Studies in the logic of K-onfirmation
This research article revisits Hempel’s logic of confirmation in light of recent developments in categorical proof theory. While Hempel advocated several logical conditions in favor of a purely syntactical definition of a general non-quantitative concept of confirmation, we show how these criteria can be associated to specific logical properties of monoidal modal deductive systems. In addition, we show that many problems in confirmation logic, such as the tacked disjunction, the problem of weakening with background knowledge and the problem of irrelevant conjunction, are also associated with specific logical properties and, incidentally, with some of Hempel’s logical conditions of adequacy. We discuss the raven paradox together with further objections against Hempel’s approach, showing how our analysis enables a clear understanding of the relationships between Hempel’s conditions, the problems in confirmation logic, and the properties of deductive systems.
KeywordsConfirmation Modal logic Monoidal logic Tacked disjunction Monotonicity Irrelevant conjunction Raven paradox
I am indebted to the comments and suggestions made by anonymous reviewers on previous drafts of this paper. I am also grateful to Stephan Hartmann as well as to the people of the Munich Center for Mathematical Philosophy, where I had the chance to work on that project. This work was financially supported by the Social Sciences and Humanities Research Council of Canada.
- Crupi, V. (2015). Confirmation. In E. N. Zalta (Ed.), The Stanford encyclopedia of philosophy. Palo Alto: Stanford University.Google Scholar
- Fitelson, B., & Hawthorne, J. (2010). How Bayesian confirmation theory handles the paradox of the ravens. In E. Eells, J. H. Fetzer (Eds.), The place of probability in science: In honor of Ellery Eells (1953–2006) (pp. 247–275). Springer: Dordrecht.Google Scholar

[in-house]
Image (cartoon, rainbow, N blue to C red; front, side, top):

- Goodman, N. (1983). Facts, fiction and forecast (4th ed.). Cambridge: Harvard University Press.Google Scholar
- Maher, P. (2004). Probability captures the logic of scientific confirmation. In C. Hitchcock (Ed.), Contemporary Debates in Philosophy of Science (pp. 69–93). Blackwell Publishing Ltd.Google Scholar
- Maher, P. (2005). Confirmation theory. In D. M. Borchert (Ed.), Encyclopedia of philosophy (2nd ed.). Basingstoke: Macmillan.Google Scholar
- Peterson, C. (2014a). Analyse de la structure logique des inférences légales et modélisation du discours juridique. Ph.D. thesis, Université de Montréal.Google Scholar
- Peterson, C. (2014c). Monoidal logics: How to avoid paradoxes. In A. Lieto, D. P. Radicioni, M. Cruciani (Eds.), Proceedings of the international workshop on artificial intelligence and cognition (AIC 2014) (Vol. 1315, pp. 122–133). CEUR Workshop Proceedings.Google Scholar
- Peterson, C., & Kulicki, P. (2016). Conditional normative reasoning with substructural logics: New paradoxes and De Morgan’s dualities. In O. Roy, A. Tamminga, & M. Willer (Eds.), Deontic logic and normative systems (pp. 220–236). London: College Publications.Google Scholar
- Schurz, G. (1991). Relevant deduction: From solving paradoxes towards a general theory. Erkenntnis, 35(1–3), 391–437.Google Scholar
- Sprenger, J. (2009). Hempel and the paradoxes of confirmation. In D. M. Gabbay, S. Hartmann, & J. Woods (Eds.), Handbook of the history of logic (Vol. 10, pp. 235–263). Amsterdam: Elsevier.Google Scholar
- Swinburne, R. G. (1971). The paradoxes of confirmation: A survey. American Philosophical Quarterly, 8(4), 318–330.Google Scholar
- Sylvan, R. & Nola, R. (1991). Confirmation without paradoxes. In G. Schurz & G. J. W. Dorn (Eds.), Advances in scientific philosophy: Essays in honour of Paul Weingartner on the occasion of the 60th anniversary of his birthday, Pozniań studies in the philosophy of the sciences and the humanities (Vol. 24, pp. 5–44). Amsterdam: Rodopi.Google Scholar